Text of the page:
Article: Jain Rāmāyaṇas

Contributed by Eva De Clercq

For centuries poets have produced a vast number of versions of the popular Sanskrit epic called the Rāmāyaṇa. Jains too created their own tellings of the story that support Jain ideology. The protagonists Rāma, his brother Lakṣmaṇa and their enemy Rāvaṇa were incorporated into Jain Universal History. This casts the former two as the eighth Baladeva and Vāsudeva, and the demon king as the Prati-vāsudeva who is their great foe.

Poets composed distinctively Jain versions of the Rāmāyaṇa in various languages. These include the classical literary languages of Sanskrit, Prakrit and Apabhraṃśa as well as vernaculars such as Kannada, Gujarati and Hindi. There are some differences between individual versions, though most Jain Rāmāyaṇas share the common outlook of the Jain Universal History.

The Jain adaption of the Rāmāyaṇa shows some distinctive features. These differences from other tellings demonstrate how Jain ideas have been blended into the poem.

Jain Universal History

The repository of Jain myth and legend often called Jain Universal History offers a distinctive Jain perspective on the Rāmāyaṇa. Now an important Hindu scripture, the Rāmāyaṇa was not strongly identified with Hindu beliefs in the early stages of its composition. As figures in Jain Universal History, the key characters in the Jain Rāmāyaṇa differ from their Hindu counterparts.

The Jain protagonists of the Rāma story are considered to be three śalākā-puruṣas or mahā-puruṣas – ‘great men’ – of the current avasarpiṇī.

'Great men' of the Rāmāyaṇa


Role as 'great man'


eighth Baladeva

his younger brother Lakṣmaṇa

eighth Vāsudeva

their enemy Rāvaṇa, King of Laṅkā

eighth Prati-vāsudeva

These three figures lived at the time of the 20th Jina, though in the story there is no contact between the Rāmāyaṇa characters and Munisuvratanātha or Lord Munisuvrata.

Story of Rāma

In an episode from the epic poem 'Rāmāyaṇa', Sītā gives Hanumān her ring to pass on to her husband, Rāma. One of the major epics of Indian culture, the 'Rāmāyaṇa' recounts Rāma's search for his kidnapped wife Sītā, who has been abducted by Rāvaṇa.

Hanumān and Sītā
Image by Soham Banerjee © CC BY 2.0

Even though there are differences in the diverse Jain versions of the Rāmāyaṇa, all of them tell the following story.

There once was a king named Daśaratha, who has three wives. He fathers four sons:

  • Rāma
  • Lakṣmaṇa
  • Bharata
  • Śatrughna.

Rāma marries a princess named Sītā. One day, the lovely Sītā is abducted by Rāvaṇa, the king of the island of Laṅkā. Rāma goes in search of his wife, together with his younger half-brother Lakṣmaṇa.

During their search, they encounter Sugrīva, a ruler who has been ousted from his kingdom. Rāma helps Sugrīva to regain his position, in return for Sugrīva’s help in finding Sītā. When Rāma has defeated Sugrīva’s adversary on his behalf, Sugrīva sends his associate Hanumān to Laṅkā for news of Sītā.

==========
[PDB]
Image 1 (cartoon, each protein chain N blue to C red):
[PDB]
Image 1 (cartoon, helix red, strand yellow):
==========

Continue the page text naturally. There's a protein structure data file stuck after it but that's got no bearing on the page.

Rāvaṇa is rebuked for his behavior by his brother Vibhīṣaṇa. In due course Vibhīṣaṇa defects and joins Rāma’s forces. With the support of Sugrīva and his armies, Rāma declares war on Rāvaṇa. In the end Lakṣmaṇa kills Rāvaṇa. Eventually, Rāma, Sīta and Lakṣmaṇa return home.

Distinctive features of Jain Rāmāyaṇas

The synopsis of the Jain Rāmāyaṇa is largely the same as the story of Vālmīki’s Rāmāyaṇa. However, there are three important differences from the version attributed to Vālmīki, which has become a major Hindu text. Stressing moral issues and choices that affect the workings of karma, the principal characters and narratives of the various Jain Rāmāyaṇas generally uphold Jain values and doctrine.

An important difference is that in Vālmīki’s version Rāma, not Lakṣmaṇa, kills Rāvaṇa. Because the Jains categorise Rāvaṇa as a Prati-vāsudeva, he must ultimately be killed by a Vāsudeva, who is Lakṣmaṇa. This explains a key difference from Vālmīki’s version.

Another significant difference between the Hindu text and the Jain compositions lies in the characterisation of Sugrīva and Rāvaṇa. In Vālmīki’s Rāmāyaṇa, and most other Rāma tellings, Sugrīva is described as a vānara – a monkey – and leader of a monkey kingdom. These vānaras look outwardly like monkeys and possess many characteristics of monkeys, but also have many human traits, such as the ability to speak. The Jain authors consider Sugrīva, Hanumān and their fellows to be vānaras, but interpret the term differently. According to them the Vānaras are a race of humans, named vānaras after their emblem, a monkey.

Vālmīki’s Rāvaṇa is a Rākṣasa, a particular kind of demon. He is king of the Rākṣasas, who live in Laṅkā. In parallel with the concept of the Vānaras, the Jain authors interpret these Rākṣasas not as demons, but as humans. They state they are named Rākṣasas because they are descendants of a King Rakṣas.

These Jain Vānara and Rākṣasa races are branches of the larger Vidyā-dhara dynasty. The members of the Vidyā-dhara dynasty all possess one or more vidyās – genies. These give them various kinds of superhuman powers, including the power to fly.

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